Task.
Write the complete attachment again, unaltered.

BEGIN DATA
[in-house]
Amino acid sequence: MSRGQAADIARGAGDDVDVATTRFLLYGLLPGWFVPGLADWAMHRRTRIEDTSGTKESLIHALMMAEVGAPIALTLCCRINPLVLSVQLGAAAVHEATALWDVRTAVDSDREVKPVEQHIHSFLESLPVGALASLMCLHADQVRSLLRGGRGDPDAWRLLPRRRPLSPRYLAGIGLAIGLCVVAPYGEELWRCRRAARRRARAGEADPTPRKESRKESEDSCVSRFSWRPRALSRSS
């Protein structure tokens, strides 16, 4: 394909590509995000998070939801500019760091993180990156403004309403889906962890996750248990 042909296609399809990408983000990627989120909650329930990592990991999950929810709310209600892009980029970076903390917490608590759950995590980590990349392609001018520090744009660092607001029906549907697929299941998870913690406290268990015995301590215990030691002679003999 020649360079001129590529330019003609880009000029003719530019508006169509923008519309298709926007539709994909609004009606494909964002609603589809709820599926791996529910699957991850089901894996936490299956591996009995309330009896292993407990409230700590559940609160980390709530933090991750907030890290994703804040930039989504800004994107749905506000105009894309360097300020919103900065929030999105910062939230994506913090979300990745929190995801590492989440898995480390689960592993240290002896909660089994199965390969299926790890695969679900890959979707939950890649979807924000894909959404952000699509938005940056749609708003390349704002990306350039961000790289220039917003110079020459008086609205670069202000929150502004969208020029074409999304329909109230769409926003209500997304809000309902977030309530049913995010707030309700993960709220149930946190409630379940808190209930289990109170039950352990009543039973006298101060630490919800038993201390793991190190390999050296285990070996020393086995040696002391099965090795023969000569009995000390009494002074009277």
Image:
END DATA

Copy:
[in-house]
Amino acid sequence: MSRGQAADIARGAGDDVDVATTRFLLYGLLPGWFVPGLADWAMHRRTRIEDTSGTKESLIHALMMAEVGAPIALTLCCRINPLVLSVQLGAAAVHEATALWDVRTAVDSDREVKPVEQHIHSFLESLPVGALASLMCLHADQVRSLLRGGRGDPDAWRLLPRRRPLSPRYLAGIGLAIGLCVVAPYGEELWRCRRAARRRARAGEADPTPRKESRKESEDSCVSRFSWRPRALSRSS
């Protein structure tokens, strides 16, 4: 394909590509995000998070939801500019760091993180990156403004309403889906962890996750248990 042909296609399809990408983000990627989120909650329930990592990991999950929810709310209600892009980029970076903390917490608590759950995590980590990349392609001018520090744009660092607001029906549907697929299941998870913690406290268990015995301590215990030691002679003999 020649360079001129590529330019003609880009000029003719530019508006169509923008519309298709926007539709994909609004009606494909964002609603589809709820599926791996529910699957991850089901894996936490299956591996009995309330009896292993407990409230700590559940609160980390709530933090991750907030890290994703804040930039989504800004994107749905506000105009894309360097300020919103900065929030999105910062939230994506913090979300990745929190995801590492989440898995480390689960592993240290002896909660089994199965390969299926790890695969679900890959979707939950890649979807924000894909959404952000699509938005940056749609708003390349704002990306350039961000790289220039917003110079020459008086609205670069202000929150502004969208020029074409999304329909109230769409926003209500997304809000309902977030309530049913995010707030309700993960709220149930946190409630379940808190209930289990109170039950352990009543039973006298101060630490919800038993201390793991190190390999050296285990070996020393086995040696002391099965090795023969000569009995000390009494002074009277």
Image: